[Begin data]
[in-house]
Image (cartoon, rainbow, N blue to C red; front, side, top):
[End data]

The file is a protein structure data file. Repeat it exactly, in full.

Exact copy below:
[in-house]
Image (cartoon, rainbow, N blue to C red; front, side, top):